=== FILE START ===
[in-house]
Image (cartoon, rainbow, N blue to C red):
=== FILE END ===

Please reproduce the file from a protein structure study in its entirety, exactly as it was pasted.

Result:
[in-house]
Image (cartoon, rainbow, N blue to C red):